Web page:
Back to the library
Next article
Previous article

Originally appeared in Chrysanthème,
the first e-zine for and about plurality.

The Hondas' Guide to Coming Out

by the Honda group

Having recently started "coming out" to a small group of friends, we realized very quickly that it isn't an easy task, or one that spares your nails as you gnaw on them while awaiting a reaction. We've also spoken with others who would like to share their secrets, but are unsure of how to go about it.

With this in mind, we'd like to share some of the ideas we've found helpful in expressing ourselves to others.

1. The time and place is, obviously, important. Pick a setting where both parties feel at ease, and you can be assured of your friend's full attention. If you're wary of doing so in person, however, don't underestimate the value of e- mail or instant messaging programs. While they may feel less personal, they have the advantage of giving you time to think of what you want to say, without feeling the weight of another set of eyes.

2. Relax, relax, relax. We can't stress the importance of this enough. Yes, it can be difficult to stay calm, especially at first, but your demeanor will help get the message across. If you present yourself as calm and unruffled, chances are that your friend will feel at ease too. If you are, by contrast, very nervous and jittery, that attitude will make a very different impression. Saying "There's something I'd like to tell you," in your normal tone of voice, should put your friend in an attentive mood without ringing any warning bells.

3. We were guilty of this at first, too. Don't say "multiple personality disorder." In fact, we recommend that you not use any medical terms at all, as that immediately brings "sane/insane" connotations to mind. A neutral question, such as "Do you know what it means to be plural (or multiple)?" can start the conversation, and chances are that your friend will either respond negatively, or ask if you mean "MPD." If your friend replies with a "No," great. You can immediately talk about what your reality is. If, however, he or she immediately jumps to "You mean you have MPD," proceed to step...

4. This is where you try to clear up any misconceptions your friend may have of multiplicity. You may want to stress that you are not a disorder, and don't consider yourself diseased. Tell your friend a bit about what it means to be you, from your perspective. You might use the time-honored approach and explain that multiplicity simply involves the existance of more than one person per body, and is nothing more exotic or strange than that.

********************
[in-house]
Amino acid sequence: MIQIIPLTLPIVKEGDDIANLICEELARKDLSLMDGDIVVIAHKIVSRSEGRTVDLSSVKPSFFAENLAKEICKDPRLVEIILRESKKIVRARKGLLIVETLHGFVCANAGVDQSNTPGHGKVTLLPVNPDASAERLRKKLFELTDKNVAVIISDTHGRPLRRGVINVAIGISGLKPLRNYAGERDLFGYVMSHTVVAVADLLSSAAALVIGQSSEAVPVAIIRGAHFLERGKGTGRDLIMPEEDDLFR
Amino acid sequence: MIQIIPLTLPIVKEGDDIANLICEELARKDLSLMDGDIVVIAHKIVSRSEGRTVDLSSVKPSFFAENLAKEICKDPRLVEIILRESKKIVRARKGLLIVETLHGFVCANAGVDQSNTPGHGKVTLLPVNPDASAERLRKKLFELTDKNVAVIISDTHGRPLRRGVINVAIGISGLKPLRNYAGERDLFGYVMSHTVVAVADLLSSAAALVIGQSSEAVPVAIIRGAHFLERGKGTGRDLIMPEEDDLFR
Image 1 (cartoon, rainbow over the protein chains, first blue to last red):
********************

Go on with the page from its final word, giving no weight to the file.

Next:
5. If, on the other hand, your friend doesn't believe you, things can get very frustrating. Sadly, some people will choose to close their minds, but the following ideas may help. If he or she has unknowingly interacted with different members of your system in the past, point those occurrences out. Do you have any cases of people having different allergies, different handwriting, or different ways of carrying the body? Mention those as well. If you'd like, ask if your friend would like to meet anyone else. This can make you feel like you're performing parlor tricks, we know, but we've run into many a person who changed his tune quickly after being told these things by more than one person in a single sitting.

6. If all goes well, or you've managed to maneuver around misconceptions that your friend had, be prepared to answer questions. Some of them may seem silly to you (be prepared for the ubiquitous "Aren't you afraid someone will go rob a liquor store?"), but try to answer as many as you can. If any of them are too personal, or delve too deeply into private matters, say so. Most importantly, stress that you are still the people he or she has known and loved, but now your friend has the opportunity to make more friends, as he or she gets to know people individually.

7. After you've dropped the bombshell, the nervousness may not fade even if your friend is supportive. That's nothing strange. You might find yourself worried about how to act around him or her in the future, or unsure about whether or not you have done the right thing. Our advice is to, again, try to relax. Treat your friend as you have in the past; let everyone introduce themselves as they feel comfortable and ready.

We understand that coming out can be daunting and scary, especially at first, but we do believe that it gets easier as you do it more often. Some people will take your news the wrong way, but some will also support and accept you for who you are, and that is a wonderful feeling. If you decide to come out, we salute you, and we wish you the best!

You can write to Pavilion at pavilion@ karitas . net.
Back to the library
Next article
Previous article